Sometimes, our bellows will lead to bliss
Tarun Sanda / Silhouette Staff
As students, in all honesty, we have not accomplished much in our lives.
We are in the process of becoming products of the system. Currently we are searching for our future roles in society.
We spend years of our lives learning and studying for the future.
We remind ourselves every day that we are doing what is necessary so that some day we can live the life we envisioned for ourselves.
Sound like enough motivation?
Hardly. Life as a student is usually stressful. There are deadlines, responsibilities, exams, assignments, and a multitude of things that we deal with on a daily basis. Occasionally the pressure gets to us, so we decide to seek a release. These moments are important, they are vital to keep you sane, to prevent overkill. It can relieve your stress, and the next day you return a more focused, and calm individual.
The problem arises when you get too fond of these moments. Suddenly an occasional drink may turn into a weekly endeavor. Soon it has consumed you.
You begin to make excuses that you may never experience such an opportunity again in life. This notion that our lives are very short and we must do what we please otherwise we might be missing out has been pressed upon us.
Living for the day, or the night, and not worrying about the consequences of the future. You only live once.
Stop for a second and imagine yourself underwater. You hold your breath as long as possible, but soon you need to reach the surface for that breath of fresh air.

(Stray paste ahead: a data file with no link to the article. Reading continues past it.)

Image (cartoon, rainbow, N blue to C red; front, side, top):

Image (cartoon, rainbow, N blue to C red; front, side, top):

At that moment, when you know you cannot hold your breath any longer, nothing else matters.
You do whatever it takes to get that breath of fresh air. It doesn’t matter what you were doing five minutes ago, it doesn’t matter what time of day it is, it doesn’t matter how great that party was last night. All you want is a single breath of fresh air. All that matters is what you have in the moment.
Sometimes memories aren’t so precious after all. Imagine yourself partying away your 20s. Soon you have no job, which in this day and age equates to no future.
Soon you’re old and sitting at the end of the bar wondering what could have been if you focused on what was important back then. Suddenly the great memories of your 20s don’t seem so comforting anymore, because once you come back to reality you realize that you have nothing. What matters most is what you have in the present.
Imagine a contrasting storyline. You put yourself through school, did what you needed to do to get that job you’ve always wanted. Suddenly the years have gone and the comforts of what you’ve accomplished sits.
There is no need to look back in time because what matters the most is what you have done with your life. What you have in the moment. The difference between the two moments is that the latter storyline gives you a permanent sense of satisfaction and accomplishment. The struggle is worth it once you look back and realize that what you have now is much better than what you had back then.